Charlotte Family Housing

Going to Hawthorne Place_Kayla's pic_website edit

Spending the Night At Hawthorne Place – A Volunteer Prospective

I stood there greeted with blank stares and confused faces.  Taking a deep breath, I repeated, “I stayed at a homeless shelter last night.”   Still, nothing, and I quickly realized that:

1. There is absolutely no delicate way to say, “I stayed at a homeless shelter last night.”
2. I had some explaining to do, because the Glam Squad was just not getting it.

The Glam Squad is what I lovingly call my close-knit group of 20-something-year-old friends. They’re great girls; however, you’re more likely to find them casually brunching in high heels than sporting matching volunteer tees at philanthropic events.  Rather than trying to explain my reasons for staying at the shelter, I decided to simply tell them what happened while I was there…

With about a million butterflies in my stomach, I pressed the little button and waited for the House Manager to buzz me in.  I squeezed my pillow a little tighter walking up the steps, unsure of what I would find at the top.  As a CFH employee I’ve been in the Hawthorne Place shelter many times, but never alone, and certainly not when the families are there.  Normally I come bearing business cards and sporting my CFH Staff name badge, but this time I arrived with my toothbrush and paste as a volunteer.  The door swung open and the House Manager greeted me and showed me to the volunteer room.  I made the bed and sat for a moment.  While I was relieved to see a familiar face, it was the unknown faces that were the cause of my nerves.  So many questions flooded my mind:  Would the families speak to me?  What will we talk about? What will I do for the rest of the night?  I realized that hiding in the volunteer room wasn’t getting me any closer to finding answers, so I slowly made my way to the living room.  I sat on the couch across from one of the residents and we watched America’s Funniest Home Videos and giggled along with every clip.  We were causing such a ruckus that soon another lady came to watch the marathon with us.  We casually chatted during the commercial breaks and slowly began to break the ice.  Before I knew it, it was nearly midnight and we decided to call it a night.  The next morning, Hawthorne Place was buzzing with families starting their day, and I slipped out the door to head into work.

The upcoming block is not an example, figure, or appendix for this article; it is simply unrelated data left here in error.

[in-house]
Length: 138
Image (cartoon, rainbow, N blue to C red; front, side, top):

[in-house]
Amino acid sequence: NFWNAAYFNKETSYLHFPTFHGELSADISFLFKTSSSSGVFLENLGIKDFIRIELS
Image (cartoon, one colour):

When I finished telling the Glam Squad about my night at Hawthorne Place, I explained my reasons for staying there.  Volunteering at Hawthorne Place was important to me because I got to see what the families we serve experience, if only for a few hours.  Spending time with the men, women, and children living there reinforced my belief that people are people.  Rather than focusing on our differences, I saw our similarities: Our shared love of obnoxiously patterned pajamas, agreeing that The Rock is the most attractive actor in The Fast and the Furious, and bursting into laughter over silly home videos.  Adding labels to people, like ‘homeless’, only serves to create barriers among us.  I saw that while we may be experiencing different challenges and struggles in life, the reality is that we have more in common than we think.  We all have moments of strength and weakness, goals to be achieved, and dreams for the future, and I think that says much more about a person than any address label ever could.


Leave a Reply

Leave a Reply

CFH